With the IT services market as competitive as ever,
every vendor is working hard to differentiate itself in the
field of global competitors. With $3.4 billion in revenues and
72,000 employees, Bangalore-based Wipro is a known quantity in many
circles. But a Wipro survey found that its brand recognition
is just 50 percent among U.S. IT buyers, compared to 100
percent for the likes of IBM and Accenture. So Jessie Paul, who was hired
as Wipro’s chief marketing officer in 2005, is hard at
work on building a new global identity for the Indian
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Senior Editor Stephanie Overby recently talked to Paul, who
for the past decade has been a marketing executive for Indian
companies iGate and Infosys as well as Ogilvy and Mather
Advertising. She spoke about Wipro’s challenges
presenting itself to the U.S. market, its recent expansion
everywhere from Mexico to the Middle East, its efforts to hire
and train American workers and its new mantra: “applied
Stephanie Overby, CIO.com: What is the message
you’re trying to send to U.S. IT leaders about
Jessie Paul, Wipro CMO: We’re working
on building brand awareness in the U.S.
It’s driven by a need to differentiate ourselves. In
the past, we could say we’re an Indian offshore provider.
Now everyone else has set up shop in India, so now we have to
figure out what makes us different not only from Infosys and
TCS, but also from Accenture and IBM.
We did a study to figure out what we could use that others
hadn’t talked about and was relevant to us. One of the
things that differentiates Wipro is that for the last nine
years we’ve had an innovation council. Any employee could
say, “I have a great idea,” and we would fund it
for three years. We had some real success with that initiative
as a way to get ideas from the ground up.
At the corporate level, we’re one of the few service
providers who has a target for revenues from innovation. We
have a goal of 10 percent by 2009. At the end of [March 2007],
we had 7.5 percent of our revenues generated by
innovation, so we think we’ll hit our goal.
The other thing is that one-third of our IT services
revenues comes from R&D outsourcing, which allows us to
offer end-to-end IT service and gives us access to new
Putting it all together, we came up with the message of
Is that a hard sell? Historically, Indian IT
services providers haven’t been known for innovation.
They’ve been known for being very process oriented with a
focus on quality and cost savings.
Paul: You’re right. In the past we
were known for quality and repeatability. But quality and
repeatability are no longer differentiators. They’re
hygiene factors. When you come to an Indian provider,
you’re going to get that quality and get it at a slightly
lower cost. That’s a given. So the question is, what are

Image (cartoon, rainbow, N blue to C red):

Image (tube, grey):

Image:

you doing beyond cost arbitrage and quality?
It’s a new area for us, and so we have to do a little
bit of education on what we mean by applied innovation.
So what do you mean by “applied
Paul: It’s not pure innovation.
It’s not new technology or IT patents for their own sake.
It’s innovating for clients to cut costs or reduce time
to market or improve reliability.
For example, Wipro invests in building techniques for
software quality such as lean software development [a
translation of lean manufacturing principles and practices to
the software development] and Six Sigma, but in the past you
never really knew what the benefit was. Now we can say that
we’ve done it on 600 projects and seen an average cycle
time reduction of 20 to 30 percent. So we’re able to say
when we share this innovation with you, this is how much
you’re going to save.
We can talk about delivery model innovation. For one of our
clients, we set up an outsourced CTO office to help them drive
technology change. We work with the client to make sure the
technology is best for their business, and we’re able to
do that because we have complete input.
We invested early in a Linux operating system for cell
phones, so when the market was ripe we were able to give that
to the client with customization at a lower cost to market than
if they had done it on their own.
We’ve started an applied innovation advisory council,
limited to 10 of our client company CIOs. We’ll provide
them with content that they find relevant, and they’ll
also provide input on our innovation strategy.
By most accounts, buyers of IT services are more
disappointed in the level of innovation provided by their
outsourcer than almost anything else (see
“Outsourcing’s Innovation Crisis” and
“More Outsourcer Innovation Consternation”).
Why spotlight innovation?
Paul: For a lot of tactical vendors, it
doesn’t make sense. And there is a little bit of
disappointment among customers about the level of innovation